Cognitive Health in Ageing
This research is funded by a 5 year grant from the National Institute of Health Research (NIHR), as part of the Oxford Biomedical Research Centre (BRC).
There is lots of interest in whether cognitive interventions, such as ‘brain training’, can be used to boost the cognitive abilities of older adults, reduce the risk of developing dementia and slow the progression of cognitive decline in patients with dementia. In general, results from cognitive training studies (involving repeated practice on specific cognitive tasks) have been disappointing, with the majority of studies suggesting no cognitive improvement beyond improved performance on the particular tasks trained (Owen et al 2010, Martin et al 2011), and no benefits for people with dementia (Clare et al 2003). The aim of this programme of research is to develop more effective emotion- and attention-based cognitive interventions to boost cognitive function in older adults and people with mild cognitive impairment.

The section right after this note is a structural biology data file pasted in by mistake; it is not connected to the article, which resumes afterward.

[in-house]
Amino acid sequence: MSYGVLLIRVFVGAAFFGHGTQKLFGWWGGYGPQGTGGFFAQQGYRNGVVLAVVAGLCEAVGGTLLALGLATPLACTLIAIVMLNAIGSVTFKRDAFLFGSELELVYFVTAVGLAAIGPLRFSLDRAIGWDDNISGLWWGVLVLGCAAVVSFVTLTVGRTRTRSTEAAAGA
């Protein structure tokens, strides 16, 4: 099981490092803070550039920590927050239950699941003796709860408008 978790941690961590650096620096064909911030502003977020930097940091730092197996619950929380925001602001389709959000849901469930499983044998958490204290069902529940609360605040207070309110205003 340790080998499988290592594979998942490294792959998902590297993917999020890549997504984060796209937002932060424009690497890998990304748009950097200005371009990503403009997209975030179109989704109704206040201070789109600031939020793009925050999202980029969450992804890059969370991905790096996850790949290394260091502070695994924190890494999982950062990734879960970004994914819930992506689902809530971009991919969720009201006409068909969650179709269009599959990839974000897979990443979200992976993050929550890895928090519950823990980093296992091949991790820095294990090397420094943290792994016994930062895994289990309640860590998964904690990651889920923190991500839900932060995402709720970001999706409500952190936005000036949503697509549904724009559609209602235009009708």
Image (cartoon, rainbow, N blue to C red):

- Imagery-based cognitive bias modification in older adults
- Ageing and memory-based orienting of attention
- Ageing and spatiotemporal cueing of attention
If you are aged over 60 and are interested in participating in this research, please click here.